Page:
I heard commercials on Sirius programming this morning

I couldn’t believe my ears. There were three commercials inserted into Sirius broadcasts this morning.

They were the quickie kind: “This weather report brought to you by Finsterheim business schools of Maryland!” kind of thing. But it was three times by three different sponsors over the course of five minutes.

That’s it. I’ve always said that if Sirius goes the cable route and starts making us listen to commercials as well as pay for the dubious pleasure, I’m ditching them. And I will.

Was this on a real Sirius music channel? Like, 1 through 30 or whatever? Because those are the only channels that are really commercial free.

There wouldn’t be a weather report on a commercial free music station.

Shocked! Shocked I am, that a subscription-based service (of which there are free alternatives) would start also incuding advertising!


As I understand it the music chanels are the only ones that are commercial free.
What puzzles me is I saw an auto commercial (for Chevy I think) that said their van came equiped with Sirius satelight TV.

Now if I can get TV on my Sirius; I want to know about it. That would be too cool.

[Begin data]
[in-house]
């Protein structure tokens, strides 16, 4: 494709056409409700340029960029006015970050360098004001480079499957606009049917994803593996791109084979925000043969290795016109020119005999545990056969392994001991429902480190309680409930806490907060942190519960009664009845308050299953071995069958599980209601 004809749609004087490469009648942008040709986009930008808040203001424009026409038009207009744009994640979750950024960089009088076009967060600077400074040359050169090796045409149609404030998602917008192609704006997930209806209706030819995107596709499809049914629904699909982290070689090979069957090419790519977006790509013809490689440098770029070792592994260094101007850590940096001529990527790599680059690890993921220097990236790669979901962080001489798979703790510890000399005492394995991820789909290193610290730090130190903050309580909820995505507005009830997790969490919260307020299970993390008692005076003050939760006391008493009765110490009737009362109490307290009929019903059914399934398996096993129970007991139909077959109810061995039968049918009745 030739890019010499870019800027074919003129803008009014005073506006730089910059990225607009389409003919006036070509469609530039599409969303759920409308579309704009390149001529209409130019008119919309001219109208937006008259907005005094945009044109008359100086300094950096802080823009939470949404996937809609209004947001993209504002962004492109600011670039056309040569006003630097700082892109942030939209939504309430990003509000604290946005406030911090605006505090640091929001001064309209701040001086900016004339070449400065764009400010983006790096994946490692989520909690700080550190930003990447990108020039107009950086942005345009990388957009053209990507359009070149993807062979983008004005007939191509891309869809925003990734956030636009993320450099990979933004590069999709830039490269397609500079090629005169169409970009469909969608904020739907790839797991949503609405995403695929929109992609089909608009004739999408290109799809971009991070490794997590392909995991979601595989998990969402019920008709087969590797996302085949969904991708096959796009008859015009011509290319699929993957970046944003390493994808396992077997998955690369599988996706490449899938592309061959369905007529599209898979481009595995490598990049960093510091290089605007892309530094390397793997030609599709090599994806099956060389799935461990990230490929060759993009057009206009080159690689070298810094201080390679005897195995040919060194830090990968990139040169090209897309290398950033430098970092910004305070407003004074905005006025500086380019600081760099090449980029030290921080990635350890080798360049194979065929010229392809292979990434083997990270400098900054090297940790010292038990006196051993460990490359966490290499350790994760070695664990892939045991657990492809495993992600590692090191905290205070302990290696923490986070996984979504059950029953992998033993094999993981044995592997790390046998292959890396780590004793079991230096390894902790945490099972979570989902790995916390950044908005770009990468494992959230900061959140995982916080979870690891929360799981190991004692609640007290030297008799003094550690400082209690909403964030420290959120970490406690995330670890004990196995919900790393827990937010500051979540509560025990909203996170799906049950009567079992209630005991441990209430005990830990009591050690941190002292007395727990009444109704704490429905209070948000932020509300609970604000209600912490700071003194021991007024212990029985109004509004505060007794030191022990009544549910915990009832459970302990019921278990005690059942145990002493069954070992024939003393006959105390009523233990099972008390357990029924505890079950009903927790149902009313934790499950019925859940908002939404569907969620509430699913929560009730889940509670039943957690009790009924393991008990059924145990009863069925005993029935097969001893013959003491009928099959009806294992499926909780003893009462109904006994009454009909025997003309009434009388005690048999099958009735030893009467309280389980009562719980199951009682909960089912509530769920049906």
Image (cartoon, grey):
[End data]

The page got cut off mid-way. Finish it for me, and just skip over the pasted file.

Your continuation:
BTW: I have yet to hear any commercials on the (rock) stations that I listen to. YMMV.

If you check out the downloadable channel guide at www.sirius.com you’ll see that the only channels billed as commercial free are the music channels listed on the left hand side of the channel guide. The sports, entertainment, talk, etc. aren’t on that list, so I suspect that’s what your issue is.

[Johnny Carson]I did not know that.[/Johnny Carson]

I’ve only recently started listening to weather and I almost jumped out of my skin when I heard the commercial. Up until now I’ve only listened to the music options.

They changed their big band format to combine it with “Standards”, and now they’ve changed “Standards” to “Siriusly Sinatra”, and I hate Sinatra. That change really pissed me off, and had they started slipping commercials in with the music, I’d have bailed. It smacks too much of cable TV’s notorious M-O of starting off with niche appeal channels, then altering the content down to broad-based mass market garbage and adding a lot of advertising.